Are you a budding artist, or do you have some past drawing experience and want to get better? You can learn how to draw a person, both male and female. You first should focus on a full-body drawing, then move on to drawing faces.
Things You'll Need
- 2B pencil (varying leads help with shading)
Choose whether to draw a man or a woman, and select your style--realistic, cartoonish or something in between.
Establish the proportions of the drawings by setting the height of the person. Generally, people are six heads tall, so draw what you want the person's head size to be and then duplicate it five more times, drawing lightly on the paper so it will be easy to erase later.
Determine the type of person--skinny, muscular, heavy or average--and lightly draw in shapes to get an idea of what the body will look like, using squares, rectangles and cylinders. Again, use a light touch to get an idea of what the person's body type will look like while you are drawing the person so you can go back and erase later.
Indicate where the eyes, ears, noses, hands, elbows and feet will be. The elbows of a person, when they are just standing with their arms at their side, generally are at the waist. Pay attention to where the feet point.
Delve further into the details of the person you are drawing--big ears, small ears, big noses, small noses, wide faces, lean faces. Young, old, middle-aged? Male, female? If you are drawing a male, the lines should be a little thicker; if you are drawing a female, go lighter on the lines and give them more of a curvy touch to add femininity. If the person is older, go with heavy lines; if younger, go with a lighter touch.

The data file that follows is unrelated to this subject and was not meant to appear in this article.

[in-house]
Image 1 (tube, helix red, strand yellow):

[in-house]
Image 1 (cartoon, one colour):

Add shadows. If you are drawing from a subject, squint your eyes and pick up the depth of the shadows.
Draw the hair as a mass and add definitions. This also works with drawing clothes in terms of picking out where to highlight the folds on a person's elbow on a shirt and other things.
Sign your work.
Tips & Warnings
- When drawing shadows, pay attention to the angle of the light.
- Don't be afraid to erase. It rarely will be perfect the first time you do it.
- Consider investing time in taking classes. Many are inexpensive and offered in many places.
- Work on drawing basic body shapes first and then slowly include clothes.
- Photo Credit draw portrait pencils image by PinkShot from Fotolia.com
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